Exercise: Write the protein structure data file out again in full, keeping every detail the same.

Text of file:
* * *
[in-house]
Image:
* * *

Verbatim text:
[in-house]
Image: